WASHINGTON — New data shows that large commercial banks are increasing their originations of single-family construction loans, but these loans still represent a small percentage of their total assets.
With improving conditions in the housing market, acquisition, development and construction loans held by large banks rose from $20.8 billion at the end 2013 to $36 billion on March 31 of this year, according to the National Association of Home Builders' June 27 "Eye on Housing" report.
"Larger banks' holdings of residential construction loans are rising faster than community banks suggesting that these larger banks are returning to the business," said Michael Neal, a senior economist at the homebuilder association.
Most banks had curtailed their construction lending after the housing bust, with outstanding AD&C loans falling from $203 billion in 2007 to $42.3 billion in 2012.
But even though construction lending has rebounded, the percentage of AD&C loans held on the books of large banks has stayed at roughly 0.2% of assets since 2012, according to the report. In other words, the growth is largely keeping up with overall growth in the institutions' assets.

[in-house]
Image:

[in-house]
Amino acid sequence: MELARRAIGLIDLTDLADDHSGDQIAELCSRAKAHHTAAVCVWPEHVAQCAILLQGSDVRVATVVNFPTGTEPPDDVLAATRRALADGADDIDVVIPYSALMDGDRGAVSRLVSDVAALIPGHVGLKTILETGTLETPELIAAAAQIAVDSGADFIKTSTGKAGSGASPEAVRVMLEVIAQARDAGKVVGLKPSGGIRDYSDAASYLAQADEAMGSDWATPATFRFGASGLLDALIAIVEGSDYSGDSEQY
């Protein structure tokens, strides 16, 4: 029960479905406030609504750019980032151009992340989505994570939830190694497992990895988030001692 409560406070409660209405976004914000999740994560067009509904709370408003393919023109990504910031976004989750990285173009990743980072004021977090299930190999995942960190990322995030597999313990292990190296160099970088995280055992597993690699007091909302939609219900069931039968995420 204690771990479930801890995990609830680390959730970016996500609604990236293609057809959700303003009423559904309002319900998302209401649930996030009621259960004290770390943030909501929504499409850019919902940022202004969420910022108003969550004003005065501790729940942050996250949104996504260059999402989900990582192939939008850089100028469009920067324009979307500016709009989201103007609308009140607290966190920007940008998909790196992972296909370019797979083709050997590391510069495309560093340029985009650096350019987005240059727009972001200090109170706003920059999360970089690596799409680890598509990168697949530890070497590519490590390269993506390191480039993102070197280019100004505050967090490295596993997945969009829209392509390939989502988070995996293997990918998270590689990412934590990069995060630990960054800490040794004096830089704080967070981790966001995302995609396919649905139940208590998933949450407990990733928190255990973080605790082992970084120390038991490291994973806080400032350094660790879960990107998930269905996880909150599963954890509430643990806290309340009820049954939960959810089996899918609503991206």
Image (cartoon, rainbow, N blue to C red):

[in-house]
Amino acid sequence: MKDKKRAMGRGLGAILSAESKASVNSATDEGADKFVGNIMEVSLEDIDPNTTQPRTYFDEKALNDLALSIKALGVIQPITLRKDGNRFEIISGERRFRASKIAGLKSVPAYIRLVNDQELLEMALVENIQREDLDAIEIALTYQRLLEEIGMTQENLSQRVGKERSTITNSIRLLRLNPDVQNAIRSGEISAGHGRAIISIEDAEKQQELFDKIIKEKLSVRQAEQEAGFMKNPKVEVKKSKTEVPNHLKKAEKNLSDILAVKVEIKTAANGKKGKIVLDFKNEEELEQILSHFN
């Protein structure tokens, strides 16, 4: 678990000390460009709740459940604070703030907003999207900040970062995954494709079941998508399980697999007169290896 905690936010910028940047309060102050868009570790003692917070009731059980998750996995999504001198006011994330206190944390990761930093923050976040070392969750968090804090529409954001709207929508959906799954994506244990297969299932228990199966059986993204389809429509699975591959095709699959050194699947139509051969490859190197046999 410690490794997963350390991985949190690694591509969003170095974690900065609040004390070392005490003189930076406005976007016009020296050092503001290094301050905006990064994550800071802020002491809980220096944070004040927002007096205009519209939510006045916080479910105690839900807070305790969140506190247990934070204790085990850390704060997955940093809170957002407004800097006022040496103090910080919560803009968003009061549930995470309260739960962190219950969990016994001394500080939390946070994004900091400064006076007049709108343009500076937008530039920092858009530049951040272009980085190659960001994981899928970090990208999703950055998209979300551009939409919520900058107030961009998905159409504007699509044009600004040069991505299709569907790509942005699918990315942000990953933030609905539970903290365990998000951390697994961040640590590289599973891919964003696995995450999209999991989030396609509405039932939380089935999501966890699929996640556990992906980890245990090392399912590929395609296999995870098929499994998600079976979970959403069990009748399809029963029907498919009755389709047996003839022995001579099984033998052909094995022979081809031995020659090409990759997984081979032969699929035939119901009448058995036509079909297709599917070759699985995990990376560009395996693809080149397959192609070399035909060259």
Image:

Meanwhile, AD&C loans in the portfolios of community banks have risen from $23 billion in 2013 to $34.67 billion as of March 31; community banks hold 49% of bank-originated residential AD&C loans. AD&C loans are the second-largest asset category for most community banks, after farm-related loans. Overall, commercial banks held $70.7 billion in residential AD&C loans as of March 31.
Commercial banks provide over 80% of single-family AD&C loans and remain the "primary source of construction lending," according to a fourth-quarter 2016 survey by the homebuilder association.
Nearly 90% of respondents said "commercial banks were the primary source of loans for land development, 84% for single-family speculative constructions, 80% for land acquisition and 79% for single-family presold construction," the fourth-quarter survey said.
According to the homebuilder group, builders and developers reported easing credit conditions for acquisition, development and single-family construction loans in the first quarter of 2017. "The pace of easing over the quarter took place across all forms of AD&C loans, with the largest changes occurring on loans for land development and single-family construction," according to the May 23 "Eye on Housing" report.